NORFOLK, Va. - The City of Norfolk is taking steps towards safer streets.
"We are really focused on areas where we know there are high incidents of accidents, injuries and fatalities," said Amy Inman, Director of Transportation for the city.
The spotlight is part of a new initiative called "Vision Zero," which city council adopted on November 26.
"Vision Zero is a movement that started in Sweden in the 1990s," Inman explained.
Now, it's making its way to the United States, where more than 20 major cities adopted the plan. The goal is to eliminate traffic fatalities, specifically in walkable and bikeable areas.
The initiative has shown that traffic deaths or injuries are preventable - not inevitable - if the cities start tweaking certain systems.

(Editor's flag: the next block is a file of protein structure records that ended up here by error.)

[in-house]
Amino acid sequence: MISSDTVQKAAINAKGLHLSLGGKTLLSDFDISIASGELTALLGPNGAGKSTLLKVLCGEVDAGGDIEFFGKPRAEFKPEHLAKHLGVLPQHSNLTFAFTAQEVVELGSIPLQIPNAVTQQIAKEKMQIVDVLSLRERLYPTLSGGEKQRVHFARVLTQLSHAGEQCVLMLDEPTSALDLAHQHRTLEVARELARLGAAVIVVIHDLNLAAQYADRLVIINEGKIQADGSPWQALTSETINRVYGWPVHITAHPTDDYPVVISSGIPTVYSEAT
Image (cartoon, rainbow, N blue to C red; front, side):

"On average, we have about 15 fatalities every year, and that's too many," said Inman.
One of them: A 62-year-old woman who was struck by a car that fled the scene on St. Pauls Boulevard near Scope Area on November 23. Vision Zero was adopted just three days after her death.
Inman says the biggest change people can see is at crosswalks. Once you push the button, there will now be a dedicated window of time where you can safely cross the street and all traffic is stopped, where before some of that traffic that still had a green light just had to yield to you.
Right now, the city has implemented Vision Zero at three major intersections:
- St. Pauls Boulevard and City Hall Avenue
- Hampton Boulevard and Spotswood Avenue
- E. Princess Anne Road and Majestic Avenue
"The City of Norfolk is the most multi-modal in the Commonwealth with light rail, bus, transit, ferry, trails and scooters," Inman explained. "Safe and healthy streets are critical; when you come into a city, you wanna know you can get to where you want safely, and we want to be known for that."